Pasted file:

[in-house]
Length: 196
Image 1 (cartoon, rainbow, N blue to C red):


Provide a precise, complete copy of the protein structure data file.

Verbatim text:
[in-house]
Length: 196
Image 1 (cartoon, rainbow, N blue to C red):